Think Like a Director: The Magic of Claymation

Every film is nothing more than a bunch of still images strung together. Let’s look at one of the oldest special effects used by directors: clay-based animation.

Early cinema was nothing more than a series of images that presented the illusion of movement (usually on some kind of rotating drum like a zoetrope), and these filmmakers pioneered the use of the stop-trick — adjusting the scene in an incremental way between shots to imitate real motion — to fool the viewer’s eye. String together a series of stop-tricks, and you’ve got stop-motion filmmaking

Our brains process visual information at about twenty-four frames per second. Much faster, and we’re left with the nagging sensation that we’ve missed something. To effectively create a ten-minute film, you need a little over 14,000 shots. Even if you double-frame, a technique of exposing two frames for each shot, you’re still going to need more shots than you can reasonably expect a human actor to sit still for. Which led directors to find a medium that would be extremely malleable and yet not fussy. That medium would be clay. 

Of course, clay, being highly mutable, was subject to vagaries of the environment. Too much heat, and clay faces start to melt. Too cold, and it became difficult to make the incremental changes necessary from shot to shot. Fortunately, in the last few decades of the nineteenth century, a German pharmacist and an English art teacher both created variants of an oil-based modeling clay which was much easier to work with. That leads us to The Sculptor’s Nightmare (1908), in which three busts bubble into shape and then harass a gentlemen who is convinced that he’s trapped in some kind of Dickensian nightmare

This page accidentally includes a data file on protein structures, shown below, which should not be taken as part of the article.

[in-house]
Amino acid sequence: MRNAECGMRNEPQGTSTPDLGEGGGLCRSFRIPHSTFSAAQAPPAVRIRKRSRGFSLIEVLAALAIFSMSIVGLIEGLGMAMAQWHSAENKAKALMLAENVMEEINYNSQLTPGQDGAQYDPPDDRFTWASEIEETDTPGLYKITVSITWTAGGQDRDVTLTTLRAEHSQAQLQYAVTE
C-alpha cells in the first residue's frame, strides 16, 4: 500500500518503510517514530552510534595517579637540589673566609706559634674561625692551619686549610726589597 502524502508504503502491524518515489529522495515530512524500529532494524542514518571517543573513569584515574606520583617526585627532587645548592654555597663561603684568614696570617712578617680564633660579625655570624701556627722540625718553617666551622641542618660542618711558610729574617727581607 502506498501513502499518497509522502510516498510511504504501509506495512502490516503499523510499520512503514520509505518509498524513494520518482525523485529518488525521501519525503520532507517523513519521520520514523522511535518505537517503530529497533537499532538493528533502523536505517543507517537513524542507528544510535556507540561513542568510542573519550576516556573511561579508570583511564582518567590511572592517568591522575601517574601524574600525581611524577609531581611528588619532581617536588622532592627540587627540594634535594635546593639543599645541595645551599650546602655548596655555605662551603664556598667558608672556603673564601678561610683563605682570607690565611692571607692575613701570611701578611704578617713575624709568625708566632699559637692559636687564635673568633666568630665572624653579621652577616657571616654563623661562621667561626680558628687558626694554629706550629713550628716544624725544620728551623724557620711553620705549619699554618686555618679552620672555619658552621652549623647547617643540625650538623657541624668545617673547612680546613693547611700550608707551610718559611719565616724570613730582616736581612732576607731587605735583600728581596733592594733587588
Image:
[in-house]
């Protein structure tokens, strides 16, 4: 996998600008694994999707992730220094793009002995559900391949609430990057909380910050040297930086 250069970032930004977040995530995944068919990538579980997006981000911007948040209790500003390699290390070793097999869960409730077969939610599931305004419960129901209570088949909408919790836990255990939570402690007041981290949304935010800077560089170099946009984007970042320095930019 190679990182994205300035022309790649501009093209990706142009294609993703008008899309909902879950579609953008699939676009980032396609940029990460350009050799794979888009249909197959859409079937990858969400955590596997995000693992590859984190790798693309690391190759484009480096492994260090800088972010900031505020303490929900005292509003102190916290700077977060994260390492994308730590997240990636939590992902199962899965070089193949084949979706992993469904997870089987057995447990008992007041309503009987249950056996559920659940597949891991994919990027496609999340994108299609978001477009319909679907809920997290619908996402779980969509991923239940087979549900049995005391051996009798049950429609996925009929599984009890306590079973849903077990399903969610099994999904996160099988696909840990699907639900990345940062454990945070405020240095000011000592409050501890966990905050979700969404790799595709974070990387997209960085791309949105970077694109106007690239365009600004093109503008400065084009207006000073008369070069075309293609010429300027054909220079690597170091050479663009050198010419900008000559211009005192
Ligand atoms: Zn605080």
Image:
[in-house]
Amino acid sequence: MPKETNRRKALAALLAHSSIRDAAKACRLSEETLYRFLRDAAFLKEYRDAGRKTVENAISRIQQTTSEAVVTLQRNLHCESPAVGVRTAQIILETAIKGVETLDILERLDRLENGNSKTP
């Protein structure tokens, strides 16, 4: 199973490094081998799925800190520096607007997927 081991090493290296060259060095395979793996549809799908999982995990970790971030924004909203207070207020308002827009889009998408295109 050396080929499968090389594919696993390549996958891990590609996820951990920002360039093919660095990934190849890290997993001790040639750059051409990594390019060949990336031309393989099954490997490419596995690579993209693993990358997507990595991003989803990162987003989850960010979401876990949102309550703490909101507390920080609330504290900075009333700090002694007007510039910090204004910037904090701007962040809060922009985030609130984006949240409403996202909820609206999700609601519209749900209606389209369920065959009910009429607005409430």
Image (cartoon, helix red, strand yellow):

For the record, the claymation portion of this short film is only two minutes of its nine-minute run. The director, Wallace McCutcheon Sr., was well aware of the limitations of his medium. 

Early directors realized that stop-motion animation would allow them to create “larger-than-life” spectacles, and when combined with a number of clever cinematic tricks like rear projection and the Williams process of double matting, filmmakers were able to create King Kong, 1933’s classic that would introduce audiences to an entirely new genre of films—the monster movie. 

But it was an expensive process, and Walt Disney and his cartoonist pals had demonstrated that you could entertain audiences just as readily with cel drawings. And more cheaply too. It was much easier to farm out production of a cel-animated film to a team of artists than it was to divvy up the work on a clay-animated project. 

Steamboat Willie
Walt Disney‘s “Steamboat Willie” cel-drawn animated short in 1928 propels the iconic mouse into the mainstream (image courtesy of The Walt Disney Company).

It wasn’t until the 1955s when Art Clokey invented Gumby, a green clay humanoid with googly eyes, that claymation started to gain some traction. Gumby debuted on the Howdy Doody show, where he quickly captured the imagination of American television viewers. For much of the next decade, Gumby (and his pony pal, Pokey) were a mainstay of children’s TV programming. Eddie Murphy‘s brilliant parody of Gumby for Saturday Night Live in 1987 led to a revival and another ninety-nine episodes. 

Gumby on Saturday Night Live
Eddie Murphy’s Gumby has a talk-show chat with Joe Piscopo on Saturday Night Live (image courtesy of NBC).